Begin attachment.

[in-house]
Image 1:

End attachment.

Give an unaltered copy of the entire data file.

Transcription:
[in-house]
Image 1: